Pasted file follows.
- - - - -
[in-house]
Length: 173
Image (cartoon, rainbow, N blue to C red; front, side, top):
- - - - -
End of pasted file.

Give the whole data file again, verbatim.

[in-house]
Length: 173
Image (cartoon, rainbow, N blue to C red; front, side, top):